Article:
That way, even if your average order lead time is 90 days, you could have the first 5% in as little as 30 days. And this small replenishment can buffer your brand from stockouts while your manufacturer works on fulfilling the rest of the order.
Most of the time, when inventory accuracy is off, it’s because of inventory shrinkage. And unfortunately, you won’t know that your inventory shrunk until you take stock.
Sure, there are technologies available that can hypothetically help you spend less time taking stock, like garment trackers. But robots can’t actually count the number of items you have on hand at a given moment.
So, to ensure accuracy, you need to be disciplined enough to routinely take stock the old-fashioned way. That means having two separate people count how much of each SKU you have on hand. Then comparing the results.
If the two counters don’t come up with the same number, they need to recount. And only once both parties agree on how much you actually have on hand can you compare it to how much you’re supposed to have on hand.
Admittedly, this task can be time-consuming and labor-intensive—especially if you have hundreds or thousands of units on hand. But by maintaining optimal stock levels, you’ll naturally keep your inventory levels as low as possible and lighten the task load.
Plus, if you can be disciplined enough to run these audits at least once a month, you’ll naturally see shrinkage decrease. That’s because internal theft accounts for over 40% of all inventory shrinkage.
But if you’re constantly tracking how much of each SKU you have available, you’ll discourage employees from thinking they’ll get away with stealing and reduce inventory risks.
In addition to taking stock, small business advisor Greg Crabtree suggests in his book, Simple Numbers, that retail brands also run weekly accounting exercises.
That’s because inventory inaccuracies and increased shrinkage decrease your gross profit margins. But if you’re like most retail brands, you’re taking care of your accounts on a monthly or quarterly cadence.
In other words, you’re tracking the numbers retroactively, and you’ll only learn that something went wrong after the fact.
But by monitoring gross margin percentage or gross profit percentage week over week, you could identify potential inventory problems, like shrinkage, before it becomes a serious problem.
Maintaining enough safety stock without increasing inventory days on hand goes back to maintaining optimal stock levels.
Ops optimization tools like Cogsy pull historical sales data when calculating your optimal stock levels (this number naturally includes the right amount of safety stock). Then, it monitors those stock levels in real-time to ensure they stay within that optimal threshold.
When it’s time to replenish, Cogsy will notify you and have an optimized PO ready for you to submit. This way, you effortlessly maintain optimal inventory levels and avoid a stockout.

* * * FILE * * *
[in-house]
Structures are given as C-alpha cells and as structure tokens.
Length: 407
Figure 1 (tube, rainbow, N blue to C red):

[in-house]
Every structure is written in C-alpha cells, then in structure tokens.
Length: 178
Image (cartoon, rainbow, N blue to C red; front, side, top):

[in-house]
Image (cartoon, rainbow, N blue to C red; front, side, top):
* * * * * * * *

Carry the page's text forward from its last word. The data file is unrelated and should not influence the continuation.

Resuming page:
For a human, this can be a tedious and labor-intensive responsibility. Not to mention, you’re typically working off spreadsheets with slightly outdated information. Meaning, you’re likely to act too late and make the wrong move.
Whereas, Cogsy can automate this task by keeping a 24/7 real-time eye on your inventory levels. This way, there are no surprises about how many items you have available.
Plus, it’ll identify early indicators of a potential butterfly effect in the works. And it will recognize these patterns weeks sooner than a human analyst could.
That’s because when something changes (like longer lead times or sudden spikes in demand), Cogsy forecasts our various scenarios from worst case to best case. Then, it tracks how your actual performance measures up.
“Cogsy is the hub and real-time source of truth for our operational data. We're now able to plan for each upcoming quarter with more clarity and accuracy.Greg Davidson, co-founder & CEO of Lalo
With these insights, you can understand the potential effect these recent changes will have on your long-term growth. And as soon as the tool identifies which scenario you’re operating within, it’ll let you know so you can proactively plan how to respond on time.
|👉 Don’t take our word for it – try Cogsy free.|
To calculate your true stock availability, you need to understand your seemingly hidden incoming or outcoming units.
Typically, these discrepancies don’t get calculated into stock availability because they’re not visible in your inventory management systems (IMS). And without a system to account for these units, you’ll likely end up overselling or overstocking.
For example, say you’re out of stock on your best-selling t-shirt today. But you have a purchase order with 1k of these t-shirts currently in transit.
When that order arrives, you’ll have 1k t-shirts you can sell, right? It depends.
Say your marketing team has already committed to a huge promotion where they’re giving away 500 units of this bestseller. And this promotion starts as soon as this replenishment arrives.
Then, those 500 units (called “outcoming units”) aren’t available for sale.
So, when you finally get your purchase order, you’ll only have 500 t-shirts available to sell, despite having 1k in the warehouse.